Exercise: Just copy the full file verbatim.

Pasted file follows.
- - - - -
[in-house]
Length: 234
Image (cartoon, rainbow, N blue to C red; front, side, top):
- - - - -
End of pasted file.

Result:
[in-house]
Length: 234
Image (cartoon, rainbow, N blue to C red; front, side, top):